European English

Due to whatever reasons (that I do not wish to go into), English is the dominant language of communication within the arts in Europe.  Maybe this is only true for dance and performance.  I have more exposure to that world than the worlds of painting, sculpture, etc. (I do not want to say visual art as dance, too, is a visual art).

The English used in the dance art world is slowly evolving to become another dialect.  It is neither the bastard English of the United States or the proper Queen’s English of the United Kingdom.  It is becoming its own thing developed by the collective use of non-native speakers and ex-pats.

I became aware, or perhaps more aware, of European English after seeing a performance at HAU 3 in Berlin this past May.  The piece was Pulling Strings by Eva Meyer-Keller.  It is quite an intricate piece, a feat of organization.  Quotidian objects are raised, lowered, and activated, sometimes to comical effects.  My favorite moment was the spinning push-broom.  But I digress.

What caught my mind(eye) was the title – Pulling Strings.  Yes, that is literally what she and her collaborator did.  They pulled strings to activate the objects.  But the phrase pulling strings has a nefarious, manipulative aspect to it.  The phrase conjures up back room political machinations.  I did not see how the piece connected to such an idea.  The description on her website gave no indication that the piece was related to the manipulative meaning of the phrase.  As far as I could tell, Keller was not dealing with that meaning of the phrase, just the literal one.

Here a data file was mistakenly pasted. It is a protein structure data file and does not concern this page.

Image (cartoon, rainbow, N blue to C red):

The use of the phrase pulling strings, in a way, has become pure meaning, a literal phrase.  Does this mean, then, that people who do know that meaning or use of the phrase are saddled with extra context, context or meaning that has nothing to do with the piece?

Another student, who is French, in the SODA program did a piece in which she used several phrases with the word white and several kinds of animals – white rabbit, white horse.  I can’t think of other ones at the moment.  She was unaware of the white rabbit of Alice in Wonderland or in the Jefferson Airplane song(also the same rabbit), White Rabbit.  Whenever I hear the phrase white horse I think of that great song by Laid Back, White Horse.  They’re Danish, by the way.

My larger question is when a language is used by a non-native speaker how aware of the idioms and cultural context of that language should s/he be?  Can the artist ignore all that and use the language as a context-free tool for expression?  I would think that in a scene that is obsessed with context and dramaturgy, artists would have a greater concern for the use of language.

Or has all context been removed from English in continental Europe?